Little Theatre Company
Live theatre in the heart of Burton upon Trent
Much Ado About Nothing
by William Shakespeare
Performed: June 2016
Review by Caroline Kay - Burton Mail
I've never made it a secret that I am not a huge fan of the babblings of The Bard.
Okay, I agree that William Shakespeare's storytelling is some of the best ever written, it's just the language I don't get.
Thous and arts. Forsooths and talking in riddles and rhymes. No, sorry that's just not how I roll.
Don't get me wrong, I have been to Stratford and seen the RSC at its very best but I couldn't be doing with the snobbery of not being able to open a packet of crisps or waft my programme to cool my face. Yes, there are rules and regulations when watching The Bard's prose in his home town.
I now have to take back my scorn as Little Theatre Company's latest triumph, Much Ado About Nothing, has changed me from a Shakespeare shirker to a Bard babe.
It tells a timeless story of mischief-making and gossip, match-making and interference. One faction of troublemakers is intent on breaking up young lovers Hero (Olivia Farthing) and Claudio (Tim Robinson), while a group of friends is determined to bring the warring and witty Beatrice (Vicky Fryer) and Benedick (Daniel Tunks) together.
Director John Bowness has moved the setting of Much Ado forward some 300 years to the First World War, which is also the focus of a number of commemorations this year.
The success of this show can't be put down to just one person - although Daniel Tunks is simply dynamic as Benedick - but Shakespeare's words, along with Bowness's perfect direction, play a great part in bringing this immensely enjoyable comedy to life - even to a sceptic such as myself.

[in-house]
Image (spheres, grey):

If you've never watched Shakespeare, or seen this comedy, they you really will be in for a treat.
From Jack Hawkins' live piano playing and singing, to the comic timing of Tunks (surely the West End is crying out for an actor of this standard) the show is rip roaringly funny. Peter Clemson and Mike Mear's portrayal of two bumbling policemen, Dogberry and Verges, is hilarious.
I was completely captivated from start to finish, with only one forsooth uttered during the whole of the play - and trust me there are plenty of lines this cast has had to learn. And learn it well they have fair maiden.
As we commemorate 400 years since the death of Shakespeare's there has been, and will be, hundreds of productions of his works on both the amateur and professional stage.
However, if you only go and see one this year, make sure it's this one.
You won't get a better opportunity to see great Shakespeare on home turf with a cast worthy of the professional stage.
Images from this show
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